Modern Gretsch Guitars

The Gretsch Master Color Compendium

1

... doesn't exist. But it should!

It suddenly dawns on me that what we need - for no good reason I can think of except that colors and their names are so cool, and so evocative - is a list of all the named colors Gretsch has ever used on guitars. (We might be forgiven for leaving out the Custom Shop.)

Because, after all, one of the things that has always distinguished Gretsch in the market is color. An online catalog of all of them would celebrate that legacy.

In an ideal world, our compendium would include at least one photo example of a guitar in each color, along with fields for when the color was used, and for which models. In a world where a tireless curator had the time and persistent enough fascination, the master list would be sortable by guitar model, year/era, and color family.

I nominate Tartan Phantom and KCEddie (who heads the Blue Section, of course.)

But just think about your favorite Gretsch colors, the ones you know by name, and turn them over in your memory. You can almost taste them. They're like a little polychromatic vacation for your senses.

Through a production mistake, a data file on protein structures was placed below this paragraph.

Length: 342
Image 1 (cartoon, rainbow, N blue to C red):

I mean, just the current crop includes a psychedelic cornucopia of delicious hues. Reading an entire inclusive list from, say 1954 to the present, would be practically pornographic - much less seeing a guitar in each shade.

There could even be special subsections for varieties of Cadillac Green and Flagstaff Sunset and could the real Gretsch Orange please stand up.

2

Gretsch "owns" Cadillac Green as a guitar color. It's Official.

All the other shades of Orange are "a little bit of this, and a little bit of that" at the discretion of the Spray Booth Operator that late night...

3

I kinda like the new Cataract green.

4